The Harvard TR Knew

As part of my  Six Buildings That Shaped Harvard History tour for the HAA coming up on the 15th and again on the 26th, I’ve been doing quite a bit of research on the development of Harvard’s architecture over the years. As part of this review I came across a remarkable photo, which  I wanted to share with you. It’s a view of Harvard looking south from the newly built tower of Memorial Hall, taken in 1874.

(Click on the photo to expand, then use your browser controls to zoom in even more. The photo is incredibly crisp and detailed – you can even see the masts of the cargo vessels on the Charles peeking (or peaking!) out over the rooftops. Even laundry drying in the backyard! NB: The names in parentheses indicate “future site of”.)

It takes a few minutes to get your bearings, as the landscape has so changed so dramatically, but this is almost exactly the Harvard that TR would come to know two years later. (The tree-lined street to the left is Quincy Street; the horizontal cross is Mass Ave.) What’s remarkable is how small the College remained up until that time – not terrifically different from the Colonial college of a hundred years earlier. A quaint Professors’ Row, a small Gothic Library, the odd hall and dormitory – just like many  private colleges scattered across the country even today. Interesting too is the welter of tiny frame dwellings that cluster the semi-industrial riverfront. These parcels would have to be acquired one at a time over the next forty years in order to build the Georgian River Houses we all know so well. (Not so surprisingly, it was a private Foundation of far-sighted alumni, concerned that the College would have no room to grow, who started buying up the riverfront property a decade before the Administration came to the same conclusion. The parcels were later transferred to the College at cost.) Of dear Adams, only Apthorp House suggests the structures to come. (TR’s own lodgings, in a simple white frame structure long demolished to build the I.A.B (Malkin), is one of the jumble of  frame buildings visible beneath the word “Eliot.”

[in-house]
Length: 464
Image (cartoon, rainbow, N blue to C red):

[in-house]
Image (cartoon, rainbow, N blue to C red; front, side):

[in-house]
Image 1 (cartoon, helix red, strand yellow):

What’s fascinating about all this, and what forms the basis of my tour, is how much Harvard’s architecture charts the College’s growth from tiny divinity school in the wilderness to worldwide center of learning, and how, given slightly different circumstances and the odd historical twist, Harvard might have turned out VERY differently from the one we know today.

While the tour on the 15th is sold out, the one on the 26th still has some spots, so do join us if you are in Cambridge.

Some People Read History. Others Make It.
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